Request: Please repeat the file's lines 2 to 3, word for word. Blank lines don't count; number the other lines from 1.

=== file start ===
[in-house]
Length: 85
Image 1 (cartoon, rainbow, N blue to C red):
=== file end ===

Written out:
Length: 85
Image 1 (cartoon, rainbow, N blue to C red):